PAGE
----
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Tuesday, October 19, 2021

3 or 4 Letters: The Dilemma

I'm often asked whether having four recommendation letters makes an applicant better than a applicant with only three letters.

First, stop comparing yourself to others.
Second, stop comparing yourself to others.
Third, stop comparing yourself to others.

Let's unpack this often-asked question....

The facts:
  • We require at least three recommendation letters be RECEIVED (by PharmCAS) by the application deadline.
  • We do not accept letters outside of the PharmCAS application. All letters must be submitted through PharmCAS. PharmCAS includes helpful information on their website.
  • PharmCAS allows up to four recommendation letters as part of an individual's application.
  • If four letters are included in your application by the deadline, we will include all four letters in your file.
  • We leave it up to the applicant to decide their three (or four) recommenders. This is a decision you must make.
  • We won't accept a recommendation letter from a "Friend" or "Family Member". 
  • Ultimately, it's the applicant's responsibility to make sure at least three letters are on file by the application deadline.  A complete application, including at least three letters of recommendation, is the responsibility of the applicant. Don't jeopardize your application by assuming your references will submit letters on your behalf. You must follow-up. You must constantly check your application status in PharmCAS. 
  • It would be helpful (but not required) to receive a letter from someone who could speak to your academic abilities. (After all, you are applying to an academic program.)
  • Recommendation letters are also called references. PharmCAS uses the term "Evaluators". It's all the same. I use these terms interchangeably. 

My thoughts:
  • Recommendation letters are one piece of a very large puzzle. It's a very important piece, don't get me wrong (as I discussed in a previous blog post), but it's not the deciding factor in being successful in an admissions process.
  • We don't have a system that awards points (or extra credit!) for an applicant that has four letters, instead of three.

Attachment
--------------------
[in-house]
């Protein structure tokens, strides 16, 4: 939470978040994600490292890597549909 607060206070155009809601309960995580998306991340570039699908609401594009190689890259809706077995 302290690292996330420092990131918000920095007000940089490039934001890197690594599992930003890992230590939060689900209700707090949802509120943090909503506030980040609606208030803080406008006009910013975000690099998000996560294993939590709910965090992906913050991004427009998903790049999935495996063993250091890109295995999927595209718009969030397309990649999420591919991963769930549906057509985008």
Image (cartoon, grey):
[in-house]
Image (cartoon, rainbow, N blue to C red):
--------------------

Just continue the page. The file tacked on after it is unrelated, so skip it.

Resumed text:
• If an applicant has four letters, is that automatically better than an applicant who has three? Absolutely not. Again, absolutely not. For those in the back row: ABSOLUTELY NOT!
  • The content of the letters is most important to us. What are the references saying about the applicant? How well do they know them? Are the letters consistent? Do the letters add value to the application? Do the references validate what the applicant has said about themselves?
  • I often encourage applicants to include four references with their application. Not because it gives an applicant an advantage, but because I believe in taking advantage of an opportunity. The opportunity here is the ability to submit four references. Why only take three cookies if someone is offering four? (Yes, I love cookies.)
  • Some schools require very specific references -- such as a letter from a pharmacist. Maybe you don't know a pharmacist well, but you must submit a pharmacist reference to satisfy another school's requirement. Knowing the pharmacist's letter won't add much value to your application for all schools you are applying to, it could be beneficial to get a fourth letter to help compensate for the pharmacist's letter. (Note: UCSF does not require a letter from a pharmacist.)
  • Obsessing over four letters, when you only have three, is a waste of your time. Move on. Let it go (let it goo, let it goo, let it goooo.

Closing argument:
I often use a courtroom example when explaining recommendation letters. Imagine you are a lawyer and arguing a case in a courtroom. You have the chance to call three (or four) witnesses to the stand to help support your case. Three very strong witnesses may be all you need. They provide detailed information. They are consistent in their testimony. They know the details of what happened. They add value to the case. They are credible witnesses.  On the flipside, maybe one witness (or two, or three) are "weak". They aren't very convincing. Their memory is hazy. They aren't convincing. They don't add much value to the case. They don't know you very well. In this case, calling a fourth witness to the stand could certainly help your case. 

Case dismissed!

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